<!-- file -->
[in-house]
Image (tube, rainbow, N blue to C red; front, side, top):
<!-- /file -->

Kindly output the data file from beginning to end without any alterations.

[in-house]
Image (tube, rainbow, N blue to C red; front, side, top):